World Statistics. (2016) Primary school starting age (years). [Online] Available at URL: http://world-statistics.org/index-res.php?code=SE.PRM.AGES?name=Primary school starting age (years). [Accessed on 10 March 2018]

The Project Proposal


Group: Teacher Education

Group Tutor:

Contact Details:

List of course and institutions I am applying for:

  • Primary Education (3-7 years) BA(Hons) with QTS, University of Brighton
  • Primary and Early Years Education BA(Hons) with QTS, Sussex University

Title for project:

Are There Benefits to delayed school age?


This project will research whether children benefit from starting school at a later age as they do in Nordic countries such as Finland and Denmark. Finland have one of the best schooling systems in the world, and this is what the project will be focusing on.


The aim of this project is to find out if children would benefit from starting school at a later age, and whether they would benefit from having more time learning through play and longer, quality time with their families.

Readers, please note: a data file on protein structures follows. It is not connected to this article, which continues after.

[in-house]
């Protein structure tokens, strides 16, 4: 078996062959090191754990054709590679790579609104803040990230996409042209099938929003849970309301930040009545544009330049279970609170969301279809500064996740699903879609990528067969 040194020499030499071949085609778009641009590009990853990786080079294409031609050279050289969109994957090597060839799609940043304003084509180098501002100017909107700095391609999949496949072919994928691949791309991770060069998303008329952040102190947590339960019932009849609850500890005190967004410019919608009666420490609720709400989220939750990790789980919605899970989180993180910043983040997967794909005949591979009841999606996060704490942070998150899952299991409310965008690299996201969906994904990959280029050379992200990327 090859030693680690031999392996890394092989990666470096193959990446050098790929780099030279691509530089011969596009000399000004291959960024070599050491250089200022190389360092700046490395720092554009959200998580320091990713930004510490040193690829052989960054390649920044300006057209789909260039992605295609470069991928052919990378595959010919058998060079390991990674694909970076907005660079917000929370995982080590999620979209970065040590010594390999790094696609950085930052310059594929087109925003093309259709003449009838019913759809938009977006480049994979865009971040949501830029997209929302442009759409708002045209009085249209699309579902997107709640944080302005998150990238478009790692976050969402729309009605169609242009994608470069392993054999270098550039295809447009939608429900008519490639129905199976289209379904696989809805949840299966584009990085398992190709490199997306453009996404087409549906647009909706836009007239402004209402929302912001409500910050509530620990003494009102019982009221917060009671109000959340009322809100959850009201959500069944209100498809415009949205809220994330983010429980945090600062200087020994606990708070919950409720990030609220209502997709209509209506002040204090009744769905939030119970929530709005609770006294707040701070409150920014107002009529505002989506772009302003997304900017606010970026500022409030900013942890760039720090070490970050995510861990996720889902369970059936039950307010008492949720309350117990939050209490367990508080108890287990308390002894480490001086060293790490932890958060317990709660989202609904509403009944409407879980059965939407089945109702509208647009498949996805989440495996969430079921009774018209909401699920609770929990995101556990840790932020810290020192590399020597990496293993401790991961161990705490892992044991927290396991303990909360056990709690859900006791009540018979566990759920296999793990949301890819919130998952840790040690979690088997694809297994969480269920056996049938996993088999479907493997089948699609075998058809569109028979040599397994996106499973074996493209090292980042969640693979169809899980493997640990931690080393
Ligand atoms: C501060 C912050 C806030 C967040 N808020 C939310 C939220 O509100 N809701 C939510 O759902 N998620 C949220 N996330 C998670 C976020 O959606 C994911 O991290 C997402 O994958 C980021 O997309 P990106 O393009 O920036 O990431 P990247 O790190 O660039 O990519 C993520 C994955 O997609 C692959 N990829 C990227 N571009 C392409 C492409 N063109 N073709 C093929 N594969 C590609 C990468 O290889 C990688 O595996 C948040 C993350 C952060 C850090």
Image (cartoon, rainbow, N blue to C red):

Main question under investigation: Do children benefit from starting school at a later age?

Questions to be addressed in my project in order to answer main question:

  • Are children starting school too young in the United Kingdom?
  • Are there benefits of a delayed school start?
  • Why is the Finnish school system so successful?
  • Do children who start school later perform better?
  • What are the effects of starting school too young?

Outline of proposed contents:


  • Introduction – 350 words

Introduce the topic and explain what the project will be about.

  • Methodology – 150 words

Talk about the topic and explain what research methods have been chosen and why these have been chosen.

  • The Benefits to Starting School at a Later Age – 1500 words

From information found from published reports and more.

  • Early Age Education in Finland – 500 words

From information found from published reports.

  • The Disadvantages of Starting School at a Later Age – 1500 words

From information found in published reports and more.

  • Recommendations/Proposal on the benefits of delayed school age – 800 words

Time plan for each stage of the research:

  • 07 February 2018

Research literature for project and complete project proposal.

  • 18 February 2018

Prepare for first draft using a minimum of 1000 words.

It should include at least one complete section.

It should include brief outlines of the remaining sections.

It should provide a substantial list of references, using the Harvard system

  • 02 April 2018

Prepare for second draft using a minimum of 4000 words. Test my hypothesis and/or clearly answered my main research questions. Is my main argument strong? Do I need to explore more resources? Have I imbedded material from my sources well?